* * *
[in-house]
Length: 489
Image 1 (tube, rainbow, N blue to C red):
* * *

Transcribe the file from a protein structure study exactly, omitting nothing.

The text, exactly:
[in-house]
Length: 489
Image 1 (tube, rainbow, N blue to C red):